Jump forward one minute, though—the servant gone, Jael summoned, and Razgut visible, splayed across the refreshment table with the envelope in his hand—and he gave no hint of his own very deep relief and curiosity. He only peeled a slice of paper-thin prosciutto free of its fellows and made sure to give audible proof of his delectation.

  “Well, what does it say?”

  Jael was impatient. Jael was imperious. Jael was, thought Razgut, at his mercy.

  “I don’t know,” he replied casually, and also truthfully. He hadn’t opened it yet. “It’s probably a fan letter. Possibly an invitation to a christening. Or a proposal of marriage.”

  “Read it to me,” Jael commanded.

  Razgut paused as though he were thinking up a reply, and then he farted. Squinching up his face, he did so with effort. The reward was slight in resonance but grand in aroma, and the emperor was not amused. His scar went white in that way it had when he was extremely put out, and he spoke through clenched teeth, which, on a positive note, did help contain the flying spittle.

  “Read it to me,” he repeated in his deadly quiet voice, and Razgut judged himself to be one step removed from a beating. If he did as he was bid now, he might spare himself some hurt.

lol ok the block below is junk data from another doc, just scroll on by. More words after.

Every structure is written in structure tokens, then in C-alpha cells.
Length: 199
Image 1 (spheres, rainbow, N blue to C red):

“Make things easy for me,” Jael had said, “and I’ll make things easy for you.”

  But where was the fun in easy? Razgut crammed as much prosciutto into his mouth as he could while he still had the chance, and Jael, seeing what he was about, ordered the beating with a dull twitch of his head.

  They both knew it wouldn’t yield a result. This was just their routine now.

  And so the beating was given and received, and later, when Razgut’s new injuries were seeping a fluid that wasn’t quite blood onto the fine silk cushions of a five-hundred-year-old chair, Jael tried again.

  “When we get to the Far Isles,” he said, “and when the Stelians lie shattered in the streets but before we have crushed them utterly, I could demand a boon of them. Everyone grovels at the end.”

  Razgut’s smile was a diabolical thing. Until you come up against Stelians, perhaps, he thought, but did not disabuse the emperor of his fantasies.

  “If,” Jael continued, visibly struggling to maintain a semblance of grace—a mask that fit him very ill—“if… someone… were to make his best efforts to be accommodating between then and now, I might be persuaded to ask that boon on his behalf. It is not beyond Stelian arts, I wager, to… repair you.”